Ever since the election, in spite of attempts to stay centered in a positive outlook, I often wake up in the morning with sadness and apprehension. As much as I try to avoid it, I find that I have to come to terms with a new presidential administration that is displaying the underside of human thought and behavior: racism, sexism, anti-Semitism, homophobia, elitism. Exclusion that sees “them” instead of “we.” This is the shadow of humanity that has existed for thousands of years as hatred of “otherness.” Yet, now it is in our faces, even more so than in past administrations, which were not exactly stellar either. Electing Barack Obama seemed a step toward inclusiveness and diversity, yet even then, the country was almost evenly split, as it has been for many years now. True, the electoral college is not a fair instrument for representing the will of the people, but changing that will not erase the shadow. We have to face the huge division that exists in this country.
The United States is not united. Nor has it ever been, really. This is a country that has always been made up of people from different countries, cultures, races, religions, and belief systems. The first explorers and colonists—the first “immigrants”—imposed their lives upon the people who already lived here, the Native Americans. The formation of a new country was rooted in exclusion and appropriation.* That shadow has always been there, even as waves of immigrants from countless countries came here seeking freedom and liberation from oppression. Slavery was the most extreme manifestation of the shadow, and racism continues in its wake. The United States has always embodied dual, contradictory aspects: open arms and closed doors; freedom and injustice.
This election has brought to the surface all the fear-based shadows in this country, shadows that exist worldwide as well: intolerance, separation, inability to accept difference. And here is the hard part: As the shadow of humanity is on full display all around us, we have to look at its presence within us as well. Where do we see “other” instead of brother or sister? Where do we judge, condemn, or exclude people from our lives? In what ways do we tell ourselves that the world would be so much better if certain people just didn’t exist? Do we live with an open heart or a closed mind? Do we live in love or in fear?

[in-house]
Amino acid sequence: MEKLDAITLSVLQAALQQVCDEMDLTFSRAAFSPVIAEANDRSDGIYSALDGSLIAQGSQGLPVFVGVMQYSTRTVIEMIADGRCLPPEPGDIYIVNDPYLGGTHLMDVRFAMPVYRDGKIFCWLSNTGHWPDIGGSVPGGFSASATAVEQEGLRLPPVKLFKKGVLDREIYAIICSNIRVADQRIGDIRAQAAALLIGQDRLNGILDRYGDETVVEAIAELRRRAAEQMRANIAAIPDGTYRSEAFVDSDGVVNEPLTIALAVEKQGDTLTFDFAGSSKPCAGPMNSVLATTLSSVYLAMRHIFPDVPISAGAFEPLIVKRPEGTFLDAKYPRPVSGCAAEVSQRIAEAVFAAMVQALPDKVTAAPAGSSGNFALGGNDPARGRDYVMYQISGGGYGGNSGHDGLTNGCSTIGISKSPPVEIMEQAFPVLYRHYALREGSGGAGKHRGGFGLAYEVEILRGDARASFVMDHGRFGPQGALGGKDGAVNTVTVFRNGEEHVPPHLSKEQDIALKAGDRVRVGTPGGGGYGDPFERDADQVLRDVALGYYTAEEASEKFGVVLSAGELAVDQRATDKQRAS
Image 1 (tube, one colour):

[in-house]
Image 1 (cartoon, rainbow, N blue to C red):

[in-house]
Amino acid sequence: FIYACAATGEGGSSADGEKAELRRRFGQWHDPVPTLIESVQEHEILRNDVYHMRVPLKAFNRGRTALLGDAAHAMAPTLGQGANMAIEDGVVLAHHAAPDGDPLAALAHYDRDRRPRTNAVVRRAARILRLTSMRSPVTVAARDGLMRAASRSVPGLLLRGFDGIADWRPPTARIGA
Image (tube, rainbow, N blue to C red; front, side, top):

On the morning after the election, I was traveling to Florida to attend Panache Desai’s annual global gathering. My state of mind was heavy, to say the least. As I found my seat on the plane to Charlotte, where I would change planes, the woman next to me whispered, “Governor Romney is over there.” “Who?” I asked, still in my own thoughts. “Mitt Romney,” she answered, pointing a few rows up, to first class. Finally, it registered, and in exasperation, I replied, “Oh, great, that’s just what I need today.” The woman looked a bit puzzled, and suddenly, it all struck me as very funny, and I began to laugh. (She chuckled a little, but I’m sure she had no idea why I was laughing.) Encountering yet another conservative former presidential candidate seemed to me like a comical cosmic wink or wake-up call. The message: “There will always be someone you disagree with on the plane of life.” In this out-of-the-ordinary occurrence, I was being reminded that from the perspective of global oneness, there is no “other.” No one is excluded.
And that is precisely why we are here on the planet at this time: To break the toxic habit of “otherness.” To find common humanity even when there appears to be none. To love in the face of hate, hope in the face of despair, have courage in the face of fear. You and I are being called to shine our own peaceful light ever more dynamically in the world, no matter what else is going on. To speak out for human rights and universal sister/brotherhood as we hold unconditional love for all in our hearts. (This is the basis of many nonviolent movements for social change.) In seeing every single “other” as another “one” in oneness, we come into greater balance and harmony, both individually and collectively.
Even when it seems unrealistic or emotionally impossible, take a deep breath and express the truth of your soul, which is love, which is kindness. Find the inner strength and compassion to keep expanding your heart until the shadow of separation falls away and you see yourself reflected in every face you encounter. That is the loving connection that holds our very diverse humanity together, in spite of the conflicts that pull us apart. In the wise words of Mahatma Gandhi: “Love is the strongest force the world possesses.”
*This continues today at Standing Rock Reservation in North Dakota, where Native Americans are protesting a proposed oil pipeline as an environmental hazard and a threat to their sacred lands.